Brooch thumbnail 1
Image of Gallery in South Kensington
On display at V&A South Kensington
Jewellery, Rooms 91, The William and Judith Bollinger Gallery

Brooch

ca. 1972 (made)
Artist/Maker
Place Of Origin

In the sixties a group of jewellers based in London were in many ways ahead of their time. Working within the mainstream market for precious jewellery, they experimented with contemporary designs and materials. They explored new methods of applying gold and devised unconventional shapes for settings.

For women in high society this jewellery offered a new way of expressing wealth and status. What counted was creative expression and individuality, not big flashy stones and material values. Diamonds were no longer the only gemstone to be a ‘girl’s best friend’.

Stuart Devlin, born in Australia, was awarded a scholarship to study at the Royal College of Art, London in 1958 and afterwards at Columbia University in the USA. After an interim stay in Australia he moved to London where he opened a workshop in 1965. Devlin has designed jewellery, silver, trophies, coinage, medallions, furniture and interiors. Stylistically he moved from his early Scandinavian style or Bauhaus approach to objects with rich ornamentation. He developed various processes for texturing metal surfaces and using filigree ornaments.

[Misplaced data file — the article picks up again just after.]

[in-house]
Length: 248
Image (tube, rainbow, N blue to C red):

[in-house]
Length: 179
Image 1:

Devlin began designing jewellery in 1967 and was granted the Royal Warrant of Goldsmith and Jeweller to Her Majesty the Queen in 1982.


object details
Categories
Object Type
Materials and Techniques
Gold and grain-set diamonds
Brief Description
Brooch, made by Stuart Devlin, about 1972; gold and diamonds
Physical Description
Star-shaped brooch whose openwork form is made up of the massed bodies of tiny pin men. At the centre is a diamond-encrusted hemisphere.
Dimensions
  • Height: 6.5cm
  • Width: 5.5cm
measured as pinned
Marks and Inscriptions
unmarked
Credit line
Given by Joan Hurst through Art Fund
Summary
In the sixties a group of jewellers based in London were in many ways ahead of their time. Working within the mainstream market for precious jewellery, they experimented with contemporary designs and materials. They explored new methods of applying gold and devised unconventional shapes for settings.



For women in high society this jewellery offered a new way of expressing wealth and status. What counted was creative expression and individuality, not big flashy stones and material values. Diamonds were no longer the only gemstone to be a ‘girl’s best friend’.



Stuart Devlin, born in Australia, was awarded a scholarship to study at the Royal College of Art, London in 1958 and afterwards at Columbia University in the USA. After an interim stay in Australia he moved to London where he opened a workshop in 1965. Devlin has designed jewellery, silver, trophies, coinage, medallions, furniture and interiors. Stylistically he moved from his early Scandinavian style or Bauhaus approach to objects with rich ornamentation. He developed various processes for texturing metal surfaces and using filigree ornaments.



Devlin began designing jewellery in 1967 and was granted the Royal Warrant of Goldsmith and Jeweller to Her Majesty the Queen in 1982.
Bibliographic Reference
Devlin, Carole and Simkins, Victoria Stuart Devlin: designer, goldsmith, silversmith, Antiques Collector Club, 2018, pp.340-1
Collection
Accession Number
M.18-2006

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record createdJanuary 9, 2008
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